The Teatime Experience

Branching out from my usual trend toward military or related history, I’ve been thinking about tea lately. I am off caffeine and therefore can’t have the lovely dark liquid for a while, so naturally I should choose to write about it.

Much is said about tea these days regarding its health qualities. And for the past few years the idea of an extravagant and elegant afternoon tea has enjoyed a revival of popularity in the U.S. Cute little tea houses have popped up in various places, often only to fold a few months later. It takes marketing genius or a known clientele to get Americans to shake their coffee loving habits.

Although colonial America owes many of its identifying traditions to British norms of the eighteenth century, we did shake loose a few things during the revolution. Tea was one. The Boston Tea Party incident sparked by increased taxes on this most essential of British liquids made a seminal statement. So much so that when you step into a diner the waitress will hand out menus and ask if you want a cup of coffee – you have to ask for tea!

Tea, once upon a time

Don’t get me wrong; I have nothing bad to say about traditional British teatime. It’s lovely and when I visited England I was determined to experience this glorious repast.

In the city of York there is a lovely place called Betty’s Café Tea Rooms. Here you will find the kind of tea service, sandwiches, sweet things, and goodies dreamed about by little girls in frilly dresses. They also serve a pretty swell coronation chicken if you hanker for something more substantial.

For the real deal, tea is prepared with loose leaves in a teapot and strained into your cup. Then a tower of delights arrives at the table. Three layers: warm scones and clotted cream (something I dream of, but rarely can afford stateside), then small open-faced sandwiches conspicuous by the absence of crust and the delicacy of cut, and, finally, a platter of small tarts, lemon curd and raspberry, and other little cakes.

Why is this historic?

Well, at one time people frequently indulged in this colossal teatime repast, but they don’t so much anymore, so participating in such a meal is akin to attending one of those medieval banquet performances, with jousting, and a goofy looking minstrel wandering around playing on a lute. You wouldn’t dine that way every night, but once in a while it gives you first hand experience of a different era of history. Living history.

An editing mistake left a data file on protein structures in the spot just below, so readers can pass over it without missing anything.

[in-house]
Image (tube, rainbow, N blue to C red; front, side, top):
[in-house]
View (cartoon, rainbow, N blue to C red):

So have a cup of tea, a scone, and some cake. Live a little… history.

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4 Comments

  1. I recently heard the origins of the “teatime” custom. Supposedly, it was started in the 18th or 19th century (can’t remember for sure) by some Lady of nobility who got too hungry to wait for the usual late dinner. Had you heard this story, or do you know more about the custom?

    Reply

    1. Yes, according to a variety of sources, Anna, the Duchess of Bedford was a touch hungry between lunch and dinner (which was very late in those days), so she added some tasty sandwiches to her afternoon tea, probably mid-nineteenth century. Thus, teatime was born!

      Reply

  2. Not sure if this is true, but a history teacher told me that in comparison, the tax on tea that England imposed was actually quite small compared to taxes in England.
    The other thing I was going to say is it is a bit more common here in Australia and was able to host a Tea Party at the feast in the mountains. It was called Lavender in the mist, and truly these people grow their own lavender off the porch of their little tea house, and made lavender tea from it (they even had lavender liquor), it was most delightful. We were lucky enough that day for it to rain (the only day of the feast it did) and the mist actually came around the lavender – hence the name. FUN times:)

    Reply

    1. Yes, I believe the tax may have been smaller in comparison and not a big deal by British standards, but I think it was the lack of representation in Parliament that got to the colonists, that and they were an independent, rowdy bunch! However it worked out, Americans do tend to favor coffee (thank you Starbucks).

      Lavender in the Mist, love the name! What a great time!

      Reply

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